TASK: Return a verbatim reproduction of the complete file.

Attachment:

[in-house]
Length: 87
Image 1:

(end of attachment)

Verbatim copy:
[in-house]
Length: 87
Image 1: